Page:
Walrus populations healthy, northern hunters insist

Committee seeks to add herds to Species At Risk Act list

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Hunters around Nunavut and Nunavik are being consulted this month on whether the Atlantic walrus should be reclassified as a species of special concern, under Canada’s Species At Risk Act.

Their answer, by and large, is that walrus populations are healthy.

That’s at odds with the position of the Committee on the Status of Endangered Wildlife in Canada, which maintains walrus numbers may have significantly declined since the 1930s.

“The species is near to qualified for threatened status and requires an effective plan to manage hunting,” COSEWIC says in an assessment made in April 2006.

“Although quotas have been set in few communities, it is not known if they are adequate to prevent over-hunting.”

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The “species of special concern” designation means that walrus populations are vulnerable, and could become a threatened or endangered species, if care is not taken to develop a management plan for hunting them.

That’s partly because walrus are slow to reproduce: females mature at five to 10 years and give birth to a single calf only once about every three years.

And some fear that hunters in Greenland are taking an unsustainable number – between 300 to 600 walrus a year – that belong to the Baffin Bay population, in order to feed a growing hunger for ivory, rather than meat.

Climate change could also place additional stress on walrus – although the animals do haul up on shore, as well as ice.

“Even if the ice disappears, it’s not going to be hugely detrimental,” said Holly Cleder with the Department of Fisheries and Oceans in Winnipeg, who led some consultations this month.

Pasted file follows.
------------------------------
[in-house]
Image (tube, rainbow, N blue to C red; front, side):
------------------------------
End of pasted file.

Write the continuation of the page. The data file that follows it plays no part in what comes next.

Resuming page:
Walrus are also vulnerable to industrial contaminants, such as persistent organic pollutants. And they may be increasingly disturbed by cruise ships visiting Arctic waters.

Invitation for Applications – Deputy Clerk of the Legislative Assembly of Nunavut

The number of walrus in Canadian waters is unclear. Using counts from the 1980s and 1990s, researchers believe some 15,000 walrus live in the eastern Arctic, in four different populations.

A fifth population, once found off Nova Scotia, Newfoundland and the Gulf of St. Lawrence, was wiped out.

But some populations have never been comprehensively studied. Other surveys were incomplete, or failed to take into account the number of animals submerged beneath the water, out of sight of spotters conducting the counts.

“I’m actually reluctant to say any numbers, because I don’t know,” said Dr. Rob Stewart, a biologist with DFO in Winnipeg, who has studied walrus since 1988.

Some walrus populations could be showing signs of decline, but “we need to get more information,” Stewart said.

The number of walrus hunted in Greenland is another question. “I’d say we need more information,” Stewart said.

If walrus become a species of special concern, a management plan would have to be created within three years.

But approval of a new designation under the Species At Risk Act is a long, complicated process, which these public consultations are one part.

The Nunavut Wildlife Management Board, the Minister of Fisheries and Oceans and the Minister of Environment all also have a say, although the final decision rests with the federal cabinet.

Nunavut’s biggest community, Iqaluit, drew the smallest number of residents to consultations: only about 14.

Meanwhile, tiny Grise Fiord saw about 30 residents show up.
Residents may submit their comments on whether the Atlantic walrus should be added to the Species At Risk Act list by contacting a DFO office, until Feb. 28.

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